Red Herring Smokey Beer logoThe capacity for critical thinking constitutes an acquired skill; it don’t come naturally, though (as Hemingway said, in a much different context) pretty to think so. It’s become rare to encounter an ostensibly educated person who can identify logical fallacies, or who even cares about them. As the rhetoric of our politicians and the polity’s responses thereto verify continuously, few people nowadays recognize arguments from ignorance, argumentum ad populum, syllogisms, solipsisms, tautologies, “straw man” arguments, red herrings, instances of circular reasoning, argumentum ad hominem — in almost all of which my opponent in this microcosmic dialogue indulged her sweet tooth, as the above passages demonstrate.

Ms. Arriola had concluded that chapter of her divagation synopsized above by writing, “I can see that I’ve offended you and for that I apologize, but I do think that someone should challenge some of the ideas in your essay.” I replied, “[Y]ou haven’t offended me. You’ve amused me.” Then, respecting the ‘netiquette of the forum, which its moderator had evoked when enabling my invitational access, I continued,

In re your statement that “I do believe that all opinions hold equal weight until someone comes along and says otherwise. That’s kind of my point.” — I’ve come along and said otherwise, which doesn’t seem to affect your belief in any way.

Personally, I give more credence to my opthalmologist’s opinion on the condition of my eyesight that I do to the opinions on that subject of my grocer or my neighbor. I give more credence to Stephen Hawking’s opinion on matters of physics than I do to Newt Gingrich’s. And because I take visual communication and the making of visual art no less seriously than I take opthalmology, or physics, I give more credence to the thoughts thereon of people like W. J. T. Mitchell and Eva Kuryluk, to name just two, than I do to whatever notions on those subjects Joe the Plumber may have. . . .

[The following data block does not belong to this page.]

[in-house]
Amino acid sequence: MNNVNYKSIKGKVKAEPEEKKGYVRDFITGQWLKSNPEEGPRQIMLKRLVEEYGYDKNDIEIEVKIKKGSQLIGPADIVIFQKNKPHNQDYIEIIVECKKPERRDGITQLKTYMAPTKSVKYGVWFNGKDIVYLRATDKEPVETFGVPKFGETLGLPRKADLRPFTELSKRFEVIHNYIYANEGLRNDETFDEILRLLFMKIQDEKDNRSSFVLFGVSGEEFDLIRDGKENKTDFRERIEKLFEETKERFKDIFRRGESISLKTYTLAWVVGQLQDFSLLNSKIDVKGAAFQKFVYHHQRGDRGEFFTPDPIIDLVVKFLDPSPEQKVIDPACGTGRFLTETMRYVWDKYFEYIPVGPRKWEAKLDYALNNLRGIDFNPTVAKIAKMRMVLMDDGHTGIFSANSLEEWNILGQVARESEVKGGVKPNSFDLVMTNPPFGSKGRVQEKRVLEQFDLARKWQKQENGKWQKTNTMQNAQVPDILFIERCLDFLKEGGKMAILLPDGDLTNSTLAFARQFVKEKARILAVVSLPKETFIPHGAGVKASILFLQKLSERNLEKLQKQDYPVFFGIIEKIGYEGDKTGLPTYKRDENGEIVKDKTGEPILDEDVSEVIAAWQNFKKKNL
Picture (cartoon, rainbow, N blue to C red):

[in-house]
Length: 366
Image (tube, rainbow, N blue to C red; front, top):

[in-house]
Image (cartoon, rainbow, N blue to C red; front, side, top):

You ask, “Here’s a question I don’t think you can dismiss so readily: Do you think it’s possible that there are uninformed opinions out there that may shed light on an image in a way that an informed opinion cannot?” Given an infinite universe anything’s possible, of course, so the question doesn’t have as much resonance as you imply it does.

My suggestion: Let’s make it a real challenge, so you can actually prove your point. You gather a bunch of those “uninformed opinions out there that may shed light on an image in a way that an informed opinion cannot” — let’s say 25 or so, with their sources (so this group can ascertain the context, and verify the credentials of the opinionators as authentically uninformed).

Since part of your question involves informed opinions failing to shed light on some aspect of the images, you’ll have to pick uninformed opinions about images to which people with informed opinions have also responded; that will narrow the range of image choices considerably, making it more manageable. I’ll then undertake to look for informed opinions about those same images, vetting them for equivalent insights. We’ll then put the results up to this group for a vote (you and I abstaining, of course). What say you?